Travelling on my own – seeing people like I used to be: stressed.
When I missed the train into town from the airport by less than a second and it, with relentless Teutonic efficiency, closed on my nose and drew away on the dot, I didn’t tell myself I was stupid for being slow, or that it was unfair. I found somewhere to sit in that featureless underground station and I read my book (Arnold Bennett’s Old Wives’ Tale, if you’re interested, and I’m loving it). A family next to me also missed the train. The parents spoke with strained voices, blaming one another. That used to be me. Horrible.
Going through security, going to the loo: all these things used to involve shepherding children. ‘Stay near me!’ ‘Hold my hand!’ Are they hungry? Sleepy? Nappy change? Have I remembered to pack everything for everybody? Books, toys, swimming costumes, suntan lotion, raincoats, anti-moustique, enough pants and socks, calpol? Everybody having a good time seemed to depend on me. The responsibility for everything – including building happy memories – weighed heavily. Would the villa have any sharp drops? Would the hotel rooms be interconnecting? What if one of the children drowned?!
In the olden days, pre-children, I used to jump on and off of planes like they were buses. Executive lounges, taxis, rental cars, swanky hotels, meetings, suits and makeup. Well, that’s all changed. I get public transport to the airport these days, if I fly at all, and on this trip I will be sharing a very basic room with a perfect stranger. There’s no room service, or any kind of service, and I didn’t bring any makeup.
I wasn’t worried about the plane falling from the sky, and I wasn’t worried about what the people here would think of me. I wasn’t already rehearsing what I was going to say to them. That is all gone. (The cure was the Alexander Technique.) I wasn’t worried about leaving the oven on or being burgled (admittedly, my daughter is housesitting).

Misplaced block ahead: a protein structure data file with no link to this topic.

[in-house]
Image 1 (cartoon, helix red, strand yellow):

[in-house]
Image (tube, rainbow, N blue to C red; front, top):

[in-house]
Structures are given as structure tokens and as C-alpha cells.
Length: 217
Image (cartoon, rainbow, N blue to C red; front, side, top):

I have not shared a bedroom with anyone other than my husband for almost 30 years, not including the odd night in a hotel with my children, and – as my daughter pointed out – I am the boss of them, so I say when it’s lights out. Not coincidentally, since my ‘ehemalige Ehemann’ (ex) disappeared, I have not slept more than a couple of hours at a stretch. I go to the loo in the night, I listen to the radio, I check my emails and so on. Now that I am so grossly overweight I expect that when I do sleep, I snore. I was apprehensive about sharing a room even before I got here, but now I see how extremely tight it is, how the bathroom door is right by the beds and bangs loudly, how there is no privacy for getting changed etc, I am more apprehensive still.
But this morning, as I tidied up my things prior to the arrival of the others in the group, I noticed a funny thing. An unfamiliar thought: ‘it may be fun!’ Well I never.
PS Fun fact – I just thought I’d double check the meaning of Teutonic before using it here, and in Germany, the definition is: it’s the name of a British passenger ship